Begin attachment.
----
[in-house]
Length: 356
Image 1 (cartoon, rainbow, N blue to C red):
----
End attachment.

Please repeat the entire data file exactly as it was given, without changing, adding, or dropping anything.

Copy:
[in-house]
Length: 356
Image 1 (cartoon, rainbow, N blue to C red):